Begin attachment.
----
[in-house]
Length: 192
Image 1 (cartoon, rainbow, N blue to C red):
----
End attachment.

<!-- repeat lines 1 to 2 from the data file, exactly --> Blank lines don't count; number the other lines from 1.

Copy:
[in-house]
Length: 192